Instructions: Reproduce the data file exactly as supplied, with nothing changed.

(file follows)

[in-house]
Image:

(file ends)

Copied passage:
[in-house]
Image: